Cellular senescence suppresses cancer by irreversibly arresting cell proliferation. Senescent cells acquire a proinflammatory senescence-associated secretory phenotype. Many genotoxic chemotherapies target proliferating cells nonspecifically, often with adverse reactions. In accord with prior work, we show that several chemotherapeutic drugs induce senescence of primary murine and human cells. Using a transgenic mouse that permits tracking and eliminating senescent cells, we show that therapy-induced senescent (TIS) cells persist and contribute to local and systemic inflammation. Eliminating TIS cells reduced several short- and long-term effects of the drugs, including bone marrow suppression, cardiac dysfunction, cancer recurrence, and physical activity and strength. Consistent with our findings in mice, the risk of chemotherapy-induced fatigue was significantly greater in humans with increased expression of a senescence marker in T cells prior to chemotherapy. These findings suggest that senescent cells can cause certain chemotherapy side effects, providing a new target to reduce the toxicity of anticancer treatments.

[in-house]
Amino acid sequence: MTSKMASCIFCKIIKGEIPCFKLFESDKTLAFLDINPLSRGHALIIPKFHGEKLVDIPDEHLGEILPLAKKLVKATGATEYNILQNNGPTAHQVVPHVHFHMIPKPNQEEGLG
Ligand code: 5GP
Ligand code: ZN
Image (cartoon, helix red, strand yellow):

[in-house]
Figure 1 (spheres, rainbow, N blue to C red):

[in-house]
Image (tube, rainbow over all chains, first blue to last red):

Significance: Many genotoxic chemotherapies have debilitating side effects and also induce cellular senescence in normal tissues. The senescent cells remain chronically present where they can promote local and systemic inflammation that causes or exacerbates many side effects of the chemotherapy. Cancer Discov; 7(2); 165-76. ©2016 AACR.This article is highlighted in the In This Issue feature, p. 115.
©2016 American Association for Cancer Research.